The Colorado Renaissance Festival


Photograph taken by Lilah Claycomb

Larkspur’s very own sword swallower shows off his ability to balance a blade on a swallowed sword.

Lilah Claycomb, Staff Writer

In May 1963, Los Angeles schoolteacher Phyllis Patterson and her husband Ron Patterson, presented the first “Renaissance Pleasure Faire” as a one-weekend fundraiser for a radio station called KPFK, and around 8,000 people showed up. That was one of the first renaissance festivals ever and since then, the fairs have exponentially grown in popularity. They are typically based in the English renaissance–specifically during the reign of Elizabeth I and entertain many forms of English fantasy. Today, the fairgrounds hold all kinds of whimsically dressed patrons, from fairies to robed Assassin’s Creed cosplayers.

On Sunday, August 22, my family and I decided to go to the Larkspur Renaissance Festival. We went on the last day so we got the full experience of emotional performers, upset about ending, but that only enhanced the experience. After all, the renaissance was the period of drama. Welcome Ladies, Lords, to the renaissance!

When we first arrived we found the entrance guarded by witty, costumed greeters. After walking through the gates we were met with the sounds of the streets. Bar Keepers would yell different things pretending to be drunk, singing, commenting on each other’s work, having loud conversations, and heckling EVERYONE. There were elaborately dressed street performers on blankets. Blade and coin forges emitted loud bangs, fizzes, and clashes, and whistles that sounded like birds were being sold and used by enthusiastic children.

Then there were the costumes.

The staff members were dressed in medieval costumes, of course, but the real show was presented by the visitors. There were costumed representations of the four horsemen, witch doctors, pirates, sages, mages, and knights in full armor. There were other non-European warriors like Vikings (some with very little clothing), Spartans, and gods.

A new concept was introduced to us as well. Cosplayers were showing up as canon characters. Assassins Creed costumes, anime characters, and even some people from musicals and plays were wandering around eating giant slices of pizza or cheering for performers.

And, boy, were there plenty of events for them to cheer for. There were about five stages around the festival grounds, each running close to four acts. Additionally, interactive performances ensued in the streets and market stalls.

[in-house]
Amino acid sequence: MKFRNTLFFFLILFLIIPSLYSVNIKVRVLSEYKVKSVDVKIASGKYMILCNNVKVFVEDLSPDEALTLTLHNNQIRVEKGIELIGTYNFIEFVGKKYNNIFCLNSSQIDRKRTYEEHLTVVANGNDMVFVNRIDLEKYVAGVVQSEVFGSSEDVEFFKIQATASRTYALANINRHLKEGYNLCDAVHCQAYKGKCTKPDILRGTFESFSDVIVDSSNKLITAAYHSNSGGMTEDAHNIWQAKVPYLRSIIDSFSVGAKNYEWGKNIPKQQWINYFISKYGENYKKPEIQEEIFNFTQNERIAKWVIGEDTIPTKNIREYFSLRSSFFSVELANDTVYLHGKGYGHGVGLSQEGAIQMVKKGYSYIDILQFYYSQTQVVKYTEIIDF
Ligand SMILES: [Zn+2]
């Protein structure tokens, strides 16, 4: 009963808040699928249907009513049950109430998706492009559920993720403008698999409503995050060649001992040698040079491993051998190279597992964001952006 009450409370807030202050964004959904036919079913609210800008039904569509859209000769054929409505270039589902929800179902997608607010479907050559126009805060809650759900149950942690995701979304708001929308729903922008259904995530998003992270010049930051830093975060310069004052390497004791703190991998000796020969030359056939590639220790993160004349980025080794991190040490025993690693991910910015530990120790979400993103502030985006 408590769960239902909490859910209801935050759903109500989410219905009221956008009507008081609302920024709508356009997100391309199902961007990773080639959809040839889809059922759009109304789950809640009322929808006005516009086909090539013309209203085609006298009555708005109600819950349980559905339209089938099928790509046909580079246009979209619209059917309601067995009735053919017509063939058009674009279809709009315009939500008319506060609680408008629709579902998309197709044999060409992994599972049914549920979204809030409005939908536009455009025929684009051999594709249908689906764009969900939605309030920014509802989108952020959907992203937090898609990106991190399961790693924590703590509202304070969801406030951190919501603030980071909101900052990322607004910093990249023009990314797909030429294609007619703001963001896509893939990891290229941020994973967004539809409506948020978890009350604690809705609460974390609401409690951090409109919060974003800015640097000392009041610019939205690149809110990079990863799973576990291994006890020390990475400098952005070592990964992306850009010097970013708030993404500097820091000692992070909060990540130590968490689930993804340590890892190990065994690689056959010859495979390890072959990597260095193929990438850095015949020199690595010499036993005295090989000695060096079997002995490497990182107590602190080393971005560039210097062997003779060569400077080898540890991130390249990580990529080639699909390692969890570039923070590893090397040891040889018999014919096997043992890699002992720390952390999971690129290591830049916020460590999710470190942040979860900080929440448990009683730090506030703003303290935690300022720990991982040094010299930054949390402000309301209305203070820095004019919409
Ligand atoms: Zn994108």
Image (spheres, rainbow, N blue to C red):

The first thing we saw and heard when we walked through the gate was a group of musicians in kilts. They were playing the bagpipes, drums, and flutes and one man was singing his heart out. I would say it was beautiful and historically accurate, but they were playing “Here Comes The Sun.” Still, that was an excellent way to be introduced to the performances.

When the musicians left the stage they were replaced by an elaborately dressed woman with way too many feathers in her hair. Though we could not hear most of what she was saying, we could hear the audience who was roaring with laughter. Many other howls and snorts rang throughout the streets brought on by the MANY comedy acts.

There were a few exceptions, however. The acrobats, a young man and a young woman dressed in sparkly costumes, always received full, genuine laughs when they joked and though their humor seemed a bit unconventional, the audience loved it.

There were plenty of other acts too, including my personal favorite, the sword swallower. Cy the Sword Swallower was quite an impressive performer, with great people skills and a taste for danger. I have seen a ton of sword swallowers, which I understand is odd, but swords are cool, so I don’t really care. However, Cy was by far the best I have ever seen. Not only could he swallow swords, whether they were curved or zigzagged, he could also juggle them and engage in other blade-based acts that honestly scared the living daylights out of me. For example, he hammered a nail into his nose then pulled it out, which resulted in a horrendous sound that I do not wish to describe. Then he swallowed three swords at once, and then he ate candy off of cutlasses while juggling them.